The Korean arms procurement agency has filed a counter suit against US defense contractor Raytheon and the UK's BAE Systems demanding to pay $60 million for their failure to implement a KF-16 upgrade deal.
The Defense Acquisition Program Administration (DAPA) was quoted as saying by Korean Times today that the lawsuit was filed with Seoul Central District Court last month to ask BAE pay $43.25 million and Raytheon $17.99 million.
"We took action in accordance with the contract, which stipulates that if the companies do not implement plans as agreed then DAPA takes a legal action," said an official on the condition of anonymity.
The action came after BAE filed a lawsuit in a US court in November last year to block DAPA's demand that the London-headquartered company cover the costs from a cancelled contract for KF-16 upgrades.
The company at the time stated that it does not owe any money in connection with the upgrade program because as it was unable to force the US government to withdraw its proposed price increase.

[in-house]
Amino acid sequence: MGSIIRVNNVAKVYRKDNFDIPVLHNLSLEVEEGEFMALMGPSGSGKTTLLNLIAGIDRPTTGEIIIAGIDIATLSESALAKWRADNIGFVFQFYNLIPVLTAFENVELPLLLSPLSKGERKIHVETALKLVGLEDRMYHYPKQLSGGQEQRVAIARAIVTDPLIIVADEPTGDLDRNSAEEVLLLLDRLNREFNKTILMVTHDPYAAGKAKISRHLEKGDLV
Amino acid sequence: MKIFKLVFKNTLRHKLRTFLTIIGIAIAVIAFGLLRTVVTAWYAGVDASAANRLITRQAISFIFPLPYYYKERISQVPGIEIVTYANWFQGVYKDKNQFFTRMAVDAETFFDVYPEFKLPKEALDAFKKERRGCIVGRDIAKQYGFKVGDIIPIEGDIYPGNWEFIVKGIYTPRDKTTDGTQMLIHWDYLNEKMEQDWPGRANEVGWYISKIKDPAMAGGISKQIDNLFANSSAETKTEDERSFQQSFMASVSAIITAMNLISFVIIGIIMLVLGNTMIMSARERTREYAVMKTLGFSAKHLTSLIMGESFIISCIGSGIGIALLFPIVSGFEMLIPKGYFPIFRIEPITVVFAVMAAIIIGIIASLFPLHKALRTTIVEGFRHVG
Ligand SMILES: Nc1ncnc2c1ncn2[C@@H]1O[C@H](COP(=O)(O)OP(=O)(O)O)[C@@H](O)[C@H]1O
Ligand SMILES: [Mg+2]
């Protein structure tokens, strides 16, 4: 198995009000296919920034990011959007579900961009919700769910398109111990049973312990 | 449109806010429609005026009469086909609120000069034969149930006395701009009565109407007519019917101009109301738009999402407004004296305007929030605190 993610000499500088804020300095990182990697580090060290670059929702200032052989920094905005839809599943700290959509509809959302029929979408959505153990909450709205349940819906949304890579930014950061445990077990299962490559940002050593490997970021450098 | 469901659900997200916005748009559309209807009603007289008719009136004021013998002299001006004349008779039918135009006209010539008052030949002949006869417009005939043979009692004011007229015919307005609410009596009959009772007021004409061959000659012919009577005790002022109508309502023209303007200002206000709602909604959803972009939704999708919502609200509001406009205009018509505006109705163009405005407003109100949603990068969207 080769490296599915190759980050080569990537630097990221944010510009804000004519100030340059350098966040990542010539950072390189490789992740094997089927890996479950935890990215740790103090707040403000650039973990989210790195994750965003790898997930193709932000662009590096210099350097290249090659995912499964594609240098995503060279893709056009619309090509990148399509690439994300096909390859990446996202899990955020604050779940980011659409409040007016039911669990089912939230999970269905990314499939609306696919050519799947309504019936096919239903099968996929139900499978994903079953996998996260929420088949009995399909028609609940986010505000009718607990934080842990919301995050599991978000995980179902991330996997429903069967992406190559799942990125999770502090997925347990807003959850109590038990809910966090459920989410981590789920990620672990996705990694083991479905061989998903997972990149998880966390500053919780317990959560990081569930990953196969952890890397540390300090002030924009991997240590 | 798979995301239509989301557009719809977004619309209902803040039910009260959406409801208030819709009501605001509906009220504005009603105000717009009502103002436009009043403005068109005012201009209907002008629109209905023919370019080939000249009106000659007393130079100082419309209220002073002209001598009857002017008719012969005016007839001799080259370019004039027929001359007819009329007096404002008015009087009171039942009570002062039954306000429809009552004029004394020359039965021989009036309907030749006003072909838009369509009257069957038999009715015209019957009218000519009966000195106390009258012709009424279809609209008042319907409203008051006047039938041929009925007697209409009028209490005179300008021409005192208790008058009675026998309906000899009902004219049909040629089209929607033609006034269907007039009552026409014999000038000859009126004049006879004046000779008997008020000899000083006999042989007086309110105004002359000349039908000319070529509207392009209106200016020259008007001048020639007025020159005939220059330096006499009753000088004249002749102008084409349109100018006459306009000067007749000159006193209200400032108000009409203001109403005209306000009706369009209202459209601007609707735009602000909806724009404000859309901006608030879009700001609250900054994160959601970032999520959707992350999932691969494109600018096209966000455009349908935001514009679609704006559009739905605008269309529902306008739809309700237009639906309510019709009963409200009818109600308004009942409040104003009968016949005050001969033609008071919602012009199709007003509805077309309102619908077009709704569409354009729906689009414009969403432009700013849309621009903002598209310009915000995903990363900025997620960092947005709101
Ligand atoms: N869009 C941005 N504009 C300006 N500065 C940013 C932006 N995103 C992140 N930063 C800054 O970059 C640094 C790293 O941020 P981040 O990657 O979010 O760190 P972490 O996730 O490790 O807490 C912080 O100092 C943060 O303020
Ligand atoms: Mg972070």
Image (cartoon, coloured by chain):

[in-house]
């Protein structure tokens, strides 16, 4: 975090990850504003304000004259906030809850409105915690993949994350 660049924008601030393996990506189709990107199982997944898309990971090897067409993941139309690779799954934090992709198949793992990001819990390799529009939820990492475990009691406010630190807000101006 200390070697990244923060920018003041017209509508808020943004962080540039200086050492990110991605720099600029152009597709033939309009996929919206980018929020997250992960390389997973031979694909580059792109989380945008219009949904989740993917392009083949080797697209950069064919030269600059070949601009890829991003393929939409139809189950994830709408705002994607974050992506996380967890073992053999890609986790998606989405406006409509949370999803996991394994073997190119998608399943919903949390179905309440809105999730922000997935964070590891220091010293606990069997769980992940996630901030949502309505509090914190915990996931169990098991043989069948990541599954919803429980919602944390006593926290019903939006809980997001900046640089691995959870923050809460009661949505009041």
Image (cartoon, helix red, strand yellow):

At the center of contention is a $1.6 billion deal BAE signed two years ago to upgrade the South Korean Air Force's 134 KF-16s.
Under the deal, BAE was supposed to upgrade the avionics system, communications display and cockpit interface, while Raytheon was to provide active electronically scanned array radar for the fleet.
At the time, the US government agreed to provide a foreign military sale (FMS) guarantee. However, the project was cancelled after DAPA requested to pay an additional $70 million to the US government and BAE.
BAE stated that the demand for the price increase was unilaterally decided by the US government, so it is not responsible.